AKA How To Use A Belt Sander
Follow along as I show you how to makeover an outdoor dining table that has not weathered well. This table and chair set was bought from a higher end furniture store two years ago, but it was through their outlet, so maybe that’s why it didn’t hold up so well.
There are covers that you can buy for protection during the winter months, but they would have cost more than the set! That was my bad and now I have covers for most of my outdoor furniture, but I did buy those from Wal-Mart.
To refinish this set, I am going to sand them all down and stain and seal it. I decided against painting the set, because I didn’t want to have to repaint it every two years. The stain is actually a deck stain, which is meant to last much longer than interior stain and it has a sealer already in it.
Sand it down
Let’s take a closer look at how to use a belt sander because it is the best choice of tool for this size of a project. The belt sander takes off the most material the quickest, so you can really get going on your project, but that also means that it’s easy to accidentally take off too much!
We are going to learn how to use a belt sander, how to change the sandpaper in the belt sander and some tips and tricks to know when using one.
Power tools may be totally out of your comfort zone. You may not have grown up learning how to do projects around the house, but that doesn’t mean you aren’t absolutely capable of learning how to safely operate these tools. A belt sander is just a tool…just like a curling iron. It only does what you tell it too, but that doesn’t mean accidents don’t happen.
The very first time I ever used a belt sander was a disaster! I was kneeling on the ground and trying to run the sander on a board lying on the ground. As soon as I put my weight on the sander, the thing took off with me! I mean, tried to throw me on the ground! My husband was so amused he whipped out the camera instead of trying to help me out. So it’s forever viewed in my family whenever they need a chuckle.
If you want to see my belt sander fail…here’s the video.
Belt Sander FAIL
Thirty seconds after this video was shot I figured it out! No thanks to my husband who could barely stand upright from laughing so hard.
How To Use A Belt Sander
- Wear eye and ear protection when using a sander. Debris flies all over when you’re sanding and I don’t want you to have an injury.
- The sander will get really HOT after using for just a little while.
- Find the lever that moves the wheel closer to the center so that you can slip the new belt on.
- Be sure to center the sandpaper on the wheel. Use the adjustment knob while running it to move the sandpaper to the center.
- If you are sanding for a long time, there is a button near the handle that will keep the sander running without holding down the trigger, like a cruise control.
- Use light pressure when you’re sanding with any sander. This type will take off with you if you’re putting too much pressure on it.
- Also your hands and arms will get tired quickly if you use too much pressure.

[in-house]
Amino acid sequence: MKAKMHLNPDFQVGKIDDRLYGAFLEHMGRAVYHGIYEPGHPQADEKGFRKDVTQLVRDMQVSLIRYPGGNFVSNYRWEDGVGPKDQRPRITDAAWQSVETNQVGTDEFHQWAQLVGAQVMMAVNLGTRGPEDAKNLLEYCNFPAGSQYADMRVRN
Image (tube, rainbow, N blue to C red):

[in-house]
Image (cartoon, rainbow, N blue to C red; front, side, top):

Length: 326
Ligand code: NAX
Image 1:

- Sand WITH the woodgrain or you will quickly realize that half the wood on the surface is gone!
- Use a rougher grit, like 60 or 80 grit when you really need to remove a lot from the surface of your piece.
Smooth It Down
- After getting the table stripped of most of the stain and paint, it’s time to smooth down the surface.
- Grab your random orbit sander with a finer grit sandpaper (120 to 200) to smooth out the surface. You will still take off some more surface layer, but it will not be as aggressive as with the belt sander.
- Wear a dust mask!
- Blow off the table and get all the little dust particles off the table. If this piece was being refinished indoors, then I would also use tack cloth, but there really isn’t a point to that because it will have little particles fly into the finish while it’s drying because it’s outdoors.
Apply The Stain
- My favorite part! Making it pretty again.
- This stain is a semi-transparent deck stain from Home Depot. I used semi-transparent because I wanted to still see the wood grain.
- I have had this same brand of deck stain on my back deck for two years and it has held up wonderfully!
- Brush on a light first layer, watching for any pooling.
- Apply a second coat and let dry complete.
- In between the last two coats, I sand lightly with a very find sandpaper like 400, just to knock off any particles that became attached while drying outside.
- Blow the table off and wipe down with a wet cloth.
- Apply the final coat of stain.
- Make sure that there is no rain in the forecast for 48 hours!
The same process was done to all the chairs and they had better last forever or I’m having a massive bonfire! For the eight chairs I did spray the stain with my paint sprayer because it would’ve taken me bloody forever to paint them all by hand. I also applied three coats the chairs but I did not sand the chairs before the final coat.
It’s been three months since I finished this table and it looks brilliant! The water is completely repelled by the stain and beads up immediately. I am thoroughly pleased with the deck stain and I hope it lasts even longer on my table than it has on the deck thus far.
Here is another DIY makeover tutorial using chalk paint and antiquing wax.
Please let me know if you have any questions or comments or a tool you’d like to see me use!
Go out and try something new!